Cookies on this website
We use cookies to ensure that we give you the best experience on our website. If you click 'Continue' we'll assume that you are happy to receive all cookies and you won't see this message again. Click 'Find out more' for information on how to change your cookie settings.

BACKGROUND: The aim of this study was to compare the immediate and longer-term effects of two cognitive behaviour therapy programmes for hospitalized patients with anorexia nervosa, one focused exclusively on the patients' eating disorder features and the other focused also on mood intolerance, clinical perfectionism, core low self-esteem or interpersonal difficulties. Both programmes were derived from enhanced cognitive behaviour therapy (CBT-E) for eating disorders. METHODS: Eighty consecutive patients with severe anorexia nervosa were randomized to the two inpatient CBT-E programmes, both of which involved 20 weeks of treatment (13 weeks as an inpatient and 7 as a day patient). The patients were then followed up over 12 months. The assessments were made blind to treatment condition. RESULTS: Eighty-one percent of the eligible patients accepted inpatient CBT-E, of whom 90% completed the 20 weeks of treatment. The patients in both programmes showed significant improvements in weight, eating disorder and general psychopathology. Deterioration after discharge did occur but it was not marked and it was restricted to the first 6 months. There were no statistically significant differences between the effects of the two programmes. CONCLUSIONS: These findings suggest that both versions of inpatient CBT-E are well accepted by these severely ill patients and might be a viable and promising treatment for severe anorexia nervosa. There appears to be no benefit from using the more complex form of the treatment.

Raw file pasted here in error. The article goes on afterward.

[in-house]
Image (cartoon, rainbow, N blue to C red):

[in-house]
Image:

Original publication

DOI

10.1159/000350058

Type

Journal article

Journal

Psychother Psychosom

Publication Date

2013

Volume

82

Pages

390 - 398

Keywords

Adolescent, Adult, Affective Symptoms, Age Factors, Aged, Anorexia Nervosa, Cognitive Therapy, Female, Follow-Up Studies, Hospitalization, Humans, Intention to Treat Analysis, Interpersonal Relations, Italy, Male, Middle Aged, Outcome Assessment (Health Care), Recurrence, Self Concept, Time Factors, Weight Gain, Young Adult